Territorial Intelligence and Governance.

Abstract : As with European experiments, in various regions in France, territorial intelligence projects have been initiated since 2003. (see the regions of Lower Normandy, Lorraine, Réunion Island, the Aquitaine region, etc.).The objective of these is to gather and exploit information which is not confined to particular sectors and the collective processing of which can contribute to durable development. Apart from institutions, civil society and the inhabitants of the territory, it is observed that companies and in particular small and medium sized enterprises are natural partners who show interest in such initiatives. Both the different economic chains and the participating organizations thus derive considerable benefit in terms of the anticipation of threats and in the reaffirmation of the territory as a common resource worth defending. Above and beyond the information processing systems operating within these organizations or economic chains, the articulation of internal actions to generate informational capital in terms of local territorial intelligence, produces a leverage effect with visibility of European or even worldwide visibility (Herbaux, 2007)52. Nonetheless these experiments lead to widely differing results, of which the progressive abandonment of the project by the companies involved is one of the most commonly observed. To support a theoretical contribution as a thread for this communication, we report on the results of a Delphi type survey completed in 2006 and covering 53 companies in the Nord- Pas de Calais region involved in a process of territorial intelligence since 2003. This revealed that 43 companies out of the 53 concerned had not followed through on their internal information sharing project and contented themselves, by default, with the results by economic sector derived from public regional surveillance Beyond this apparent disengagement from the process initiated, we may be curious about this apparent discretion of a group of actors concerning local government. This work nonetheless did generate a consensus around certain observations among the actors questioned, particularly as regards an initiative for which they did not deny the final utility but for which the requirements necessitated a significant modification to their internal culture. After the initial conventional responses: "security of patrimonial data, new choices in investment of time, lack of means, different priorities, etc.", repeated and differentiated questioning of those concerned revealed that the progressive abandonment of these practices and commitments bore a relationship with a number of human factors of relational and cognitive nature, thus depriving the project of its founding principles. This observation echoed that of the implication suggested by Girardot en 200553 on the theme of multi-level governance. Although the financial aspect is a factor in the long term survival of regular investments of man-hours, this criterion appeared progressively more marginal to the general project among the actors surveyed, as against several positions cited as prerequisites. Based on a synthesis of the results of the study, we propose five key success factors to promote within organizations to promote the logic of information sharing. To this effect, our proposal for a model named in French "CADIE" (Communication, Appui, Durée, Implication, Ecoute - or, in English, Communication, Support, Duration, Attentiveness) suggests several attitudes to which organizations must adhere to develop long-term integration in a territorial intelligence network. The limitations of our proposal arise from the small size of the sample at our disposal and the regional limits of our data gathering. This experimentation, duplicated in various European regions would benefit from a multi-cultural gloss and thus would provide the template for a preliminary European approach to the logic of territorial intelligence.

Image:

Type de document :
Communication dans un congrès
In International Conference of Territorial Intelligence, Oct 2007, France. p. 509-521., 2009
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Philippe Herbaux, Cyril Masselot. Territorial Intelligence and Governance.. In International Conference of Territorial Intelligence, Oct 2007, France. p. 509-521., 2009. 〈halshs-00516430〉

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